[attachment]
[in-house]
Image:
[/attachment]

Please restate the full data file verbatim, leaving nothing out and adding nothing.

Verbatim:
[in-house]
Image: